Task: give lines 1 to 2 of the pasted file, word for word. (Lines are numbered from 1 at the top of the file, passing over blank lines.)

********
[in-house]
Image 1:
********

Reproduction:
[in-house]
Image 1: